Preselling a Flip

7 Replies

Hello everyone,

Although this is my first post, I've been a member for awhile and greatly benefited from all the information on BiggerPockets!  My partner and I have completed a number of different projects using various strategies (wholesaling, new construction, fix-and-flip, buy-rehab-rent-refi, etc). 

We now have a new project that seems to be somewhat unique as I couldn't find any previous discussions using the search function.  We have a property under contract and were planning on doing a typical fix-and-flip.  However, we are in discussions with a potential end-buyer who would be buying the property after completion.  Although I couldn't find anything by searching, I'm sure some of you guys have done a deal like this? I would be very interested in how you guys might have structured a deal like this.  Ideally, we would lock-in the sales price before actually closing on the property and get a contract in place for the end-sale.  The end-buyer could then pick out their finishes, colors, etc.  In order to minimize our risk of the buyer canceling the contract, I was think a decent down-payment and a detailed spec-sheet.

Thoughts?

Thanks,

Peter

There are a lot of other threads on this topic...

Generally speaking, the consensus is that you should get a very detailed scope of work for what the buyers want (and what you'll customize), collect a very large non-refundable deposit upfront to cover the cost of having to redo all their customizations should they back out (and also being compensated for the lost time), and then be prepared to have the buyer micro-manage you throughout the process and mess up your schedule with change-orders and last-minute issues.

Personally, I think that unless you have a lot of experience in this business, trying to customize a house for an end-buyer is going to pose more headaches, risks and wasted time than it's worth.  But, if you decide to move forward, make sure you're at least well-compensated for those headaches, risks and wasted time.

@Peter Christiansen

Preselling a house is great on one hand yet can be very daunting on the other hand, if you have never done it before.  Basically, you are now becoming the contractor to the buyers.  I would agree 100% with all of @J Scott's suggestions, especially the one about getting a large deposit.  I would not even say that it is a "suggestion" but a "necessity."  

Here is the type of wording we use in an addendum to our contracts if we presell a house:

In order to compensate the seller for the items and finishes that may need to change should the closing not occur because of any contingency in the contract, the parties agree that there shall be a separate deposit of $20,000.00 which shall be non-refundable to the purchasers should the transaction not close.These funds are not earnest money that is in any way refundable to the purchaser should the contract fail to close.

This means if we give them allowances to pick out lighting, tile, etc. and they pick out items we would never have picked and the house doesn't close -- for ANY REASON (loan doesn't go through, appraisal too low, they simply change their minds, etc.), we get the $20,000 so that we can then do the house as we see fit.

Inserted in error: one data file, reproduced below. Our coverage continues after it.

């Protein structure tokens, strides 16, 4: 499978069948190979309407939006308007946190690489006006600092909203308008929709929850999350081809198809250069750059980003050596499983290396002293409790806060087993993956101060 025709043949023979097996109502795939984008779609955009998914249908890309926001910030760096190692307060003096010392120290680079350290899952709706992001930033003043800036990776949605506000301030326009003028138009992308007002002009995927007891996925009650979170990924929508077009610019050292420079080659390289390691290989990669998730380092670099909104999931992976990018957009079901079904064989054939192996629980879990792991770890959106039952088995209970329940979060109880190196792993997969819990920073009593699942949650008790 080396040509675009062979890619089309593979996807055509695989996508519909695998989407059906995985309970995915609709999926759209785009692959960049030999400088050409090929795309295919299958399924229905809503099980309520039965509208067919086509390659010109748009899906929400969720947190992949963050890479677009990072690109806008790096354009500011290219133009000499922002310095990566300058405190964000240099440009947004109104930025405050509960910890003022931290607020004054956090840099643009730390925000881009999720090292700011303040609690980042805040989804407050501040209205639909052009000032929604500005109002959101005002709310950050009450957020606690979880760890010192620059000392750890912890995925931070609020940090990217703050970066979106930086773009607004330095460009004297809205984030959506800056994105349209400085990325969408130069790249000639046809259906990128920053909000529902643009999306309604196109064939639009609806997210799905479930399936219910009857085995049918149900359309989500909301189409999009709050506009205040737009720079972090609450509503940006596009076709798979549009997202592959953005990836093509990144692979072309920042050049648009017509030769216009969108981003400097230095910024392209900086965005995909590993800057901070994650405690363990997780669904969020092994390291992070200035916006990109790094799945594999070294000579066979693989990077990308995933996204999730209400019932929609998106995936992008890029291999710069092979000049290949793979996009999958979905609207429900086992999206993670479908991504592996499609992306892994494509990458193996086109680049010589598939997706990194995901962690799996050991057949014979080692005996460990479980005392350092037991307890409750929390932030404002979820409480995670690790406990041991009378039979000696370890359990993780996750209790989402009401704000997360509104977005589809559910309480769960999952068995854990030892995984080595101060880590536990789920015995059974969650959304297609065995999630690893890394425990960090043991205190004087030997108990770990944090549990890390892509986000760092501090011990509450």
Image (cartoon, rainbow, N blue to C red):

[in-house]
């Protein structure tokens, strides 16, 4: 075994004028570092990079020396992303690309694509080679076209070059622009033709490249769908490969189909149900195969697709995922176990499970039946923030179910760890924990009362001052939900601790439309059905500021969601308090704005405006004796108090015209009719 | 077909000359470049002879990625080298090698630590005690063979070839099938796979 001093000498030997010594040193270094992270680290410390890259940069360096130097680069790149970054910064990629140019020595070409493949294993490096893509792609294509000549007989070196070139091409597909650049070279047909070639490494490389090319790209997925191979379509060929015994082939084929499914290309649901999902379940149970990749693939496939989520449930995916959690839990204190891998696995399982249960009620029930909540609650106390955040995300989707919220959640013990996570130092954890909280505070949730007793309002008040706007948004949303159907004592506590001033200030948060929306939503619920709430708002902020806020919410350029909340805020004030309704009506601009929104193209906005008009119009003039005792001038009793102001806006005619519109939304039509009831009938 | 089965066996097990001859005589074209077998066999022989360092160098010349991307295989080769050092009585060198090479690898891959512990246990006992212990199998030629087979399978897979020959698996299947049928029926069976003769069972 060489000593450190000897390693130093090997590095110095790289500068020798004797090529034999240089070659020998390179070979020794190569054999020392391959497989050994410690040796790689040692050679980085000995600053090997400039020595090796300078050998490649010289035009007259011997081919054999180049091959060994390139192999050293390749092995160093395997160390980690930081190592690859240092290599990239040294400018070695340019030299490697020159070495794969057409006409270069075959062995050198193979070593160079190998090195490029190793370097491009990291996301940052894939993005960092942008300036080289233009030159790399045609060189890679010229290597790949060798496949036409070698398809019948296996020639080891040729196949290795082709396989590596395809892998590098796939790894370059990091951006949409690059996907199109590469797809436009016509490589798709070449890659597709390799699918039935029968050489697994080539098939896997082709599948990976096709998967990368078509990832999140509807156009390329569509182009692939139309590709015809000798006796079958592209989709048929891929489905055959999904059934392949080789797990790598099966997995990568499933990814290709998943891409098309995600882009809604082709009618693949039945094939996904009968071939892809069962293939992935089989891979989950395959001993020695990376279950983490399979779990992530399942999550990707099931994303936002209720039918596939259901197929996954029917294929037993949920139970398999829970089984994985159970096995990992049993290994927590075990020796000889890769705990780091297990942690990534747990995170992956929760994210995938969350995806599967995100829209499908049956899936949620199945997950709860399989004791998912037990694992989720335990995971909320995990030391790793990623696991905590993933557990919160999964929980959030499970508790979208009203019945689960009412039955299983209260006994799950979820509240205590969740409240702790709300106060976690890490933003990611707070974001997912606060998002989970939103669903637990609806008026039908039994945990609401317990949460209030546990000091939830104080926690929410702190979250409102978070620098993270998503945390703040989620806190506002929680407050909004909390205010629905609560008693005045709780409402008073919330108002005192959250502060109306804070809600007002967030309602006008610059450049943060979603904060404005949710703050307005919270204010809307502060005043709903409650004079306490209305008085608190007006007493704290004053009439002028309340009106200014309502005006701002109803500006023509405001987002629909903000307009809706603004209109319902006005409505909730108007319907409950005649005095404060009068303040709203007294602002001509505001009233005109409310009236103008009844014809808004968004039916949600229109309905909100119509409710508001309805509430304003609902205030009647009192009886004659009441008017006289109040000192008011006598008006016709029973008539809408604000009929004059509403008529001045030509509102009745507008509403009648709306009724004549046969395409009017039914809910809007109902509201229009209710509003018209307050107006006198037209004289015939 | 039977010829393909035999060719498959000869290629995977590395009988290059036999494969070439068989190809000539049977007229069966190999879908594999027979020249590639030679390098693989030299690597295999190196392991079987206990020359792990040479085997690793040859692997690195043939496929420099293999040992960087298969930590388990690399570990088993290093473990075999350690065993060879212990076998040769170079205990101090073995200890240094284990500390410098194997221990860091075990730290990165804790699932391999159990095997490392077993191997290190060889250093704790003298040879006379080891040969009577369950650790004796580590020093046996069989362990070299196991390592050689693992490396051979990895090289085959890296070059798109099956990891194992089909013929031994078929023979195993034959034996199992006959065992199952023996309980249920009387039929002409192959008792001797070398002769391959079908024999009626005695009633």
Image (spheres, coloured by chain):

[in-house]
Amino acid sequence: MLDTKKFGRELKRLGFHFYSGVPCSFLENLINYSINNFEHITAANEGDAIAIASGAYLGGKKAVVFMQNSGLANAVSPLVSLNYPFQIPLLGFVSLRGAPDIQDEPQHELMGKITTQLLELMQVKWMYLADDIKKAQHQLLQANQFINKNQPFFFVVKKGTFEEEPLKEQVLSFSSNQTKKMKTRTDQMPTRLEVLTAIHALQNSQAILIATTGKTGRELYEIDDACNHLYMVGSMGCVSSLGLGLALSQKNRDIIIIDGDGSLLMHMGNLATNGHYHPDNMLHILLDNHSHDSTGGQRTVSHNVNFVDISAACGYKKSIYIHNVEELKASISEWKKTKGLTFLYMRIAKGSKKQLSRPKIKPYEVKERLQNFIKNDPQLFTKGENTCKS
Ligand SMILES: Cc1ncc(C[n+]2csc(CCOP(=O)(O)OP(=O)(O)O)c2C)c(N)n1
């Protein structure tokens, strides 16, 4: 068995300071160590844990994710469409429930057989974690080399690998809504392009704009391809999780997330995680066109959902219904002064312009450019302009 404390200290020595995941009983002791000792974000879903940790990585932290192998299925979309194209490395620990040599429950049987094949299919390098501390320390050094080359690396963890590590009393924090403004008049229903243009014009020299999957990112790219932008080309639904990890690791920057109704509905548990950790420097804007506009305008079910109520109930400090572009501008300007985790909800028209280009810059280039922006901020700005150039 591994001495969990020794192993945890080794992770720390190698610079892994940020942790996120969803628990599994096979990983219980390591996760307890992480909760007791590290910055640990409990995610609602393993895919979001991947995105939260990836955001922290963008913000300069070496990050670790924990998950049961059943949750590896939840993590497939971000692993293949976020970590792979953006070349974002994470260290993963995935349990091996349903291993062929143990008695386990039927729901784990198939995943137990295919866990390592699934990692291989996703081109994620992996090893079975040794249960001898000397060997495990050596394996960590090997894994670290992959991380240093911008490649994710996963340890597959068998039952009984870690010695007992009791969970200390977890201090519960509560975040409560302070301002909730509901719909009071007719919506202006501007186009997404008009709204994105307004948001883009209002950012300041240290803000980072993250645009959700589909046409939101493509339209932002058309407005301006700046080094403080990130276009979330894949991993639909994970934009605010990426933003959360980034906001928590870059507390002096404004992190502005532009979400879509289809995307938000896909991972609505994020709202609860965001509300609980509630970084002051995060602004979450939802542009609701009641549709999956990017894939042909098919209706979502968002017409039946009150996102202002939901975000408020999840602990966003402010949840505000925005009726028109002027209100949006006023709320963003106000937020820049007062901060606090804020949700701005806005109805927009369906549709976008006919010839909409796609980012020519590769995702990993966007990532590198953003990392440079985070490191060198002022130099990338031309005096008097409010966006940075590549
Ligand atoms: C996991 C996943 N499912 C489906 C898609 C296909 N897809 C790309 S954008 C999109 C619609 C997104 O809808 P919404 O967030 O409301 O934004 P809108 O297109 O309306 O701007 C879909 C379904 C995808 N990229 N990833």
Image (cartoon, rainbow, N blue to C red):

There are many other pitfalls you must pay attention to when selling early, but none as important as this one.  Not having this type of addendum in your sales contract could be deadly.  

Good luck!

Julia Blythe

    @J Scott and @Julia Blythe thanks for your replies.  The potential end-buyer fell through, so we'll be completing this project as a regular flip now and listing it when it's done.  Based on you guys' experience and advice, it seems like that's a better way to go anyway.

    Julia, thanks for the addendum...should we presell a flip in the future, we'll definitely add that to our contract.

    Peter

    Originally posted by @Peter Christiansen :

    @J Scott and @Julia Blythe thanks for your replies.  The potential end-buyer fell through, so we'll be completing this project as a regular flip now and listing it when it's done.  Based on you guys' experience and advice, it seems like that's a better way to go anyway.

    Julia, thanks for the addendum...should we presell a flip in the future, we'll definitely add that to our contract.

    Peter

    Interesting how these special request just seem to fall apart.  Most of my 600+ closing I have been invalved in were in the new home sales industry throughout Southern California.   

    These home were for the most part highly upgraded custom spec track homes.  It was fairly common place for buyers to add upwards of $75,000 to $125,000 in options. The builder had cut off dates that were strictly followed with 25% penalty if you went over and all options required a 50% nonrefundable deposit.  This weeded out all the dreamers, just like it simularly has done for you.  Good work protecting your investment.  Now find your real buyer and close the escrow, and find another.

    Jim

    @Nathan Paisley , thank you - will do!  I checked out your website, do you ever get deals in Camden or Burlington County?

    @jim 

    @Jim Keller , that seems like a good way to structure deals with upgrades for new construction.  I agree that money usually weeds out the dreamers!  Better to weed them out as early as possible!!

    @Peter Christiansen absolutely we do. It's just at the moment the ones we have are in Ocean County and Atlantic County. Thanks for checking out the site!

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